I do not see this figure.

Another thing I'd like to know is if points E_1 and E_2 in Figure S1.1 are at greatest elongation with the superior planet as a reference point. Are they?
Hopefully, after reading the above, you will see that this question makes no sense.

Yet another thing I'd like to know is, in real life, how is one supposed to know that P_2 is at quadrature? Put differently, how is the astronomer (or whatever person) supposed to know when to stop calculating how much time it took for P_1 to go from opposition to quadrature?
This question has also been answered above, but to repeat:
The superior planet is at quadrature when the line of sight to the planet makes an angle of 90° with respect to the line of sight to the Sun.
This information should have been available to Copernicus. It occurs when the planet rises or sets at Solar midnight (midway between sunset and sunrise).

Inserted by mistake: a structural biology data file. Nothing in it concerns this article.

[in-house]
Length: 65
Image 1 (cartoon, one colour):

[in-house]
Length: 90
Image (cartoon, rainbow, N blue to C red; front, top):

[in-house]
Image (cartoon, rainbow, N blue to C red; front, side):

Of course, all of this assumes circular orbits, and in the case of superior planets, assumes that the orbits are in the same plane.

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Well, it's going to take some effort to respond to you last post ...

I meant only what I said, not what you assumed that I meant.

You see, the observations are made from earth. The observations of an inferior planet are totally independent (not simultaneous with) the observations of a superior planet.
I understand that the observations from different celestial bodies differ but, I'd like to make the statement as explicit as possible since, I am confused by these concepts.

So, would it be correct to say the following?:
All that is needed is observing what is the maximum angle between the line of sight from the Earth to the Sun and the line of sight from the Earth to the inferior planet.